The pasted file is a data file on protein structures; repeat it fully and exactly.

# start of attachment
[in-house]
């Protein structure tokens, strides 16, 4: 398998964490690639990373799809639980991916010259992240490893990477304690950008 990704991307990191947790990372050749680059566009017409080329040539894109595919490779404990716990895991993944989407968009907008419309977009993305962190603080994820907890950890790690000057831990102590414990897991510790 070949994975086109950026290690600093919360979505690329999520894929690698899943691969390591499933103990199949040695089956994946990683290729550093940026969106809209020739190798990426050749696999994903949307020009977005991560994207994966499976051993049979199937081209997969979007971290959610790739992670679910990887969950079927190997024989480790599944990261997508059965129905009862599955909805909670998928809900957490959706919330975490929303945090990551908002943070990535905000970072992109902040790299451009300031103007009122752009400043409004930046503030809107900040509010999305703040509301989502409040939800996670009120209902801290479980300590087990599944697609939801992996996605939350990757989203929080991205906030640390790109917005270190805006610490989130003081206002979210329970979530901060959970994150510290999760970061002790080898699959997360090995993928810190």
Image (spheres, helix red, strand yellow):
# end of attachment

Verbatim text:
[in-house]
């Protein structure tokens, strides 16, 4: 398998964490690639990373799809639980991916010259992240490893990477304690950008 990704991307990191947790990372050749680059566009017409080329040539894109595919490779404990716990895991993944989407968009907008419309977009993305962190603080994820907890950890790690000057831990102590414990897991510790 070949994975086109950026290690600093919360979505690329999520894929690698899943691969390591499933103990199949040695089956994946990683290729550093940026969106809209020739190798990426050749696999994903949307020009977005991560994207994966499976051993049979199937081209997969979007971290959610790739992670679910990887969950079927190997024989480790599944990261997508059965129905009862599955909805909670998928809900957490959706919330975490929303945090990551908002943070990535905000970072992109902040790299451009300031103007009122752009400043409004930046503030809107900040509010999305703040509301989502409040939800996670009120209902801290479980300590087990599944697609939801992996996605939350990757989203929080991205906030640390790109917005270190805006610490989130003081206002979210329970979530901060959970994150510290999760970061002790080898699959997360090995993928810190």
Image (spheres, helix red, strand yellow):